Pumpkins are not vegetables but fruit and are highly versatile as they can be used in savoury as well as sweet recipes. Pumpkins are low in calories and sodium and high in calcium and fiber. They are good sources of Vitamin A and C and  packed full of anti-oxidants including beta carotene and lutein. They also contain lots of potassium which helps combat high blood pressure.


Nutritional info:

100 grams raw pumpkin typically contains:
13 calories
0.2 grams fat
0.1 grams saturated fat
2.2 grams carbohydrate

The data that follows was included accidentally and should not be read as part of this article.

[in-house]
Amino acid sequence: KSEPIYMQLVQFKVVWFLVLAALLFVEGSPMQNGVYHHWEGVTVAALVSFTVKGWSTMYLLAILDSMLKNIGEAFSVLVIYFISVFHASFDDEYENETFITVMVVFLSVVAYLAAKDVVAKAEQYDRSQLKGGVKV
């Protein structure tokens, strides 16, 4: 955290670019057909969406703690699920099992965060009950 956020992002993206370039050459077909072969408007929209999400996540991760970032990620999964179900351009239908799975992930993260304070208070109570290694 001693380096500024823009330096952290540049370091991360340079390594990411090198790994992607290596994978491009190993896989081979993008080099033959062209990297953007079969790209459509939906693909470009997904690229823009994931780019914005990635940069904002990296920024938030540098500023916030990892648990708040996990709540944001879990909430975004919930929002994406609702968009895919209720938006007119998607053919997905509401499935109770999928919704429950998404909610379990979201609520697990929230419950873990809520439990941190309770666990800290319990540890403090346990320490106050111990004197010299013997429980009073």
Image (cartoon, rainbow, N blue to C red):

1 gram fibre

80 grams of boiled pumpkin typically contains:
10 calories
0.5 grams protein
0.2 grams fat
0.1 gram saturated fat
1.7 grams carbohydrate
0.9 grams fibre  (source: www.thinkvegetables.co.uk)

PumpkinDid you know?  Pumpkins originated in North America and Mexico thousands of years ago. Christopher Columbus is credited for having introduced the pumpkin to Europe in the 15th century.   Pumpkins are well-known for their ability to grow to enormous sizes and may well have been the inspiration behind the most famous pumpkin ever – the one which stars as a coach in Cinderella!

For tips and advice on buying and cooking pumpkins click here.